There is one word that’s the most important word in any persuasive presentation: You.

If my speech or presentation is about me, it may have interest, if it’s a good story, but if it’s about you … out there in the audience … there is nothing more interesting on earth! To you at least! Right?

Right!

Your presentation belongs to your audienceThe most important thing I learned on my journey to speaking professionally is that my presentation belongs to my audience. Now, I might have personal stories to illustrate a point, but the point has to relate to my audience … you. It has to, to be of interest and for me to be successful.

In fact, the objective of any talk has to center on your audience. If you’re Read More …

Newbie speakers get a little apprehensive about questions. There’s a fear that they’ll be caught off guard – that they’ll look stupid if they don’t have an answer . . .

And they’re right … if they’re unprepared. Just like anything else in life, looking brilliant on stage takes planning.

However, if you really do know your material, prepare properly, and follow a few basic rules, you’ll find it’s the most powerful part of a presentation.

I love question and answer sessions

I love Question and Answer sessions. ‘Cause they give me a chance to shine – I can carry on a direct dialogue with my audience and make sure any concerns are addressed.

Here’s what you do. Know your subject area and identify any potential questions that might be sensitive Read More …

It’s OK to be nervous. We all are to a certain extent. Even me. Well, not now, ‘cause there’s nobody here. I’m talking about on stage.

Now, there are lots of techniques you can try to treat the symptoms of nervousness. You’ll find a whack of them in the articles on my website.

But the truth is, it doesn’t get at the heart of the problem. Cause the problem is self-confidence. Plain and simple.

It’s just like anything else in life.  Do it enough and you’ll get good at it. Know you’re good at it and your self-confidence goes through the roof.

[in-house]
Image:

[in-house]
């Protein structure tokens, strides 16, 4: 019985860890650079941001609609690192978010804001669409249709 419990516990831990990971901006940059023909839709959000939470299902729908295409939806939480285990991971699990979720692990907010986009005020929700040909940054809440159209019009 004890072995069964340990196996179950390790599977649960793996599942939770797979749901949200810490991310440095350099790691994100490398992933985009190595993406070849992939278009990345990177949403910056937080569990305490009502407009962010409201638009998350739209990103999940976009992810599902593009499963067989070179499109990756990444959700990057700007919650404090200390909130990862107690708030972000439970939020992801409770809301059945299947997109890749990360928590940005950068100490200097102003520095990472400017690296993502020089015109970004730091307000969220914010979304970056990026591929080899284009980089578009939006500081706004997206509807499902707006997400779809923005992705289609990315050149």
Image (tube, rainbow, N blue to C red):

Here’s what I suggest – two things.

One. Practice. Just speak a lot, or if you want to do it in a really Read More …

Point form seems to be highly misunderstood. I often see screens of text using full sentences.

If you’re going to use full sentences, you’re better off going home. That’s because you’ll read them and THAT is the thing audiences hate the most! The number one thing! I’ve done it  … so I know!

And why would you need to be there anyway? – your audience can just read your presentation.

Even more important – if they’re reading, they’re not listening to you!

So … you need to get your points down to their absolute essence. Use the fewest number of words you can use to support or reinforce your point.

Let’s get rid of as many articles, prepositions, pronouns … the little words …

Read More …

There isn’t anything that connects you with your audience more than your eyes. We call that eye contact.

Now, I don’t mean cursory, flit around the room eye contact – I’m talking hard core at least two sentences long eye contact. That’s what works.

Beginning speakers know they have to have good eye contact and so they make sure they scan the room and try and spend a couple of seconds on each person. That’s the ADD method.

People know when you’re talking AT them rather than TO them. If you’ve sat in the audience when a speaker scans the group and never really connects with one person, you know you don’t tend to get really involved in the message.

But when a speaker spends Read More …